Problem G.25

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Hannah Morales 1D
Posts: 31
Joined: Fri Sep 29, 2017 7:06 am

Problem G.25

Postby Hannah Morales 1D » Fri Oct 05, 2018 4:51 pm

So this problem was really easy at the beginning, but it quickly turned hard at the end. The question is

" G.25 Practitioners of the branch of alternative medicine known as homeopathy claim that very dilute solutions of substances can have an effect. Is the claim plausible? To explore this question, suppose that you prepare a solution of a supposedly active substance, X, with a molarity of 0.10 mol/L. Then you dilute 10. mL of that solution by doubling the volume, doubling it again, and so on, for 90 doublings in all. How many molecules of X will be present in 10. mL of the final solution? Comment on the possible health benefits of the solution. "

What I got was:

molarity of x= 0.10 mol/L

10 mL * .10 mol/1000 ml * (6.022 * 10^23)/ 1 mol = 6.022 * 10^20 molecules in first 10 mL

I Initially thought this was my final answer until I double checked with the solution manual and saw that it wasn't.

What I Need help in is explaining the meaning or understanding of how you know what to use to find the final solution?

Second Part of problem:

6.0 * 10^20 * (1/2) ^n = 1 molecule

log(6.0 * 10^20) * nlog(1/2) = log(1)
20.8 + n*(-.30) = 0
20.8= .30n
20.8/.30= n
n= 69

Michael Torres 4I
Posts: 92
Joined: Thu May 10, 2018 3:00 am
Been upvoted: 1 time

Re: Problem G.25

Postby Michael Torres 4I » Fri Oct 05, 2018 11:58 pm

Hannah Morales 1D wrote:So this problem was really easy at the beginning, but it quickly turned hard at the end. The question is

" G.25 Practitioners of the branch of alternative medicine known as homeopathy claim that very dilute solutions of substances can have an effect. Is the claim plausible? To explore this question, suppose that you prepare a solution of a supposedly active substance, X, with a molarity of 0.10 mol/L. Then you dilute 10. mL of that solution by doubling the volume, doubling it again, and so on, for 90 doublings in all. How many molecules of X will be present in 10. mL of the final solution? Comment on the possible health benefits of the solution. "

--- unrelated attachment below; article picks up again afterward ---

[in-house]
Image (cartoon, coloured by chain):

What I got was:

molarity of x= 0.10 mol/L

10 mL * .10 mol/1000 ml * (6.022 * 10^23)/ 1 mol = 6.022 * 10^20 molecules in first 10 mL

I Initially thought this was my final answer until I double checked with the solution manual and saw that it wasn't.

What I Need help in is explaining the meaning or understanding of how you know what to use to find the final solution?

Second Part of problem:

6.0 * 10^20 * (1/2) ^n = 1 molecule

log(6.0 * 10^20) * nlog(1/2) = log(1)
20.8 + n*(-.30) = 0
20.8= .30n
20.8/.30= n
n= 69


The following method is how I solved this problem.

Molarity = (moles)/(volume in Liters)

Therefore, 0.10M = 0.10 moles/1L.

Now, take 10mL of the solution and place it into its own container. The molarity remains the same, but the number of moles changes to compensate for the change in volume.

0.10M = 0.0010 moles/0.01L

Now, double the volume ninety times. Pay attention to how this changes the molarity.

(0.0010 moles)/(0.01L * 2^90) = 8.08 * 10^-29M

Now, you set up the equation to figure out how many moles of the substance remain in the solution.

8.08 * 10^-29M = ? moles/0.01L

The resulting number of moles is 8.08 * 10^-31.

The resulting number of moles is very small. It demonstrates there will be no molecules of the substance left in the solution, and as such the health benefits of the solution are negligible.


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